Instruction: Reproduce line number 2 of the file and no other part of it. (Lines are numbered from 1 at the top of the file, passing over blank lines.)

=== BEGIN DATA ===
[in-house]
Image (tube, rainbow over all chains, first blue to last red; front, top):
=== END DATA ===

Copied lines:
Image (tube, rainbow over all chains, first blue to last red; front, top):